Sep 26, 2017

Merkel's drift left allowed the far-right to grow

Angela Merkel in Berlin on Monday. Photo: Michael Kappeler / dpa via AP

Angela Merkel's leftward drift over her years in office, especially on issues like the European Union and migration, has made her more palatable to left-leaning voters, but it has created an opportunity for the far-right to proliferate, per the NYT.

Why it matters: Last weekend's election saw a strong showing for Alternative for Germany (AfD), the far-right populist party, that attracted voters from Merkel's right-leaning base and mobilized those who usually didn't vote via non-traditional campaigning. It illustrates how the far-right can continue to prosper across Europe even without the flashpoint issues, like last year's migration crisis, at the forefront of the news cycle.

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Snapchat will no longer promote Trump's account in Discover

Photo: Chip Somodevilla/Getty Images

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Why it matters: Snapchat is taking action on the president's account for comments he made elsewhere. That's going farther than other big tech firms and signals a commitment to aligning content served to users with core values, rather than making moderation decisions based narrowly on each post made on its own platform.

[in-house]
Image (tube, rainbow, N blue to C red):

Updated 2 hours ago - Politics & Policy

Esper catches White House off guard with opposition to military use, photo op

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Why it matters: President Trump threatened this week to deploy military forces if state and local governments aren't able to squash violent protests. Axios reported on Wednesday that Trump is backing off the idea for now, but that he hasn't ruled it out.

Chinese coronavirus test maker agreed to build a Xinjiang gene bank

Illustration: Annelise Capossela/Axios

A leading Chinese gene sequencing and biomedical firm that said it would build a gene bank in Xinjiang is supplying coronavirus tests around the world.

Why it matters: U.S. officials are worried that widespread coronavirus testing may provide an opportunity for state-connected companies to compile massive DNA databases for research as well as genetics-based surveillance.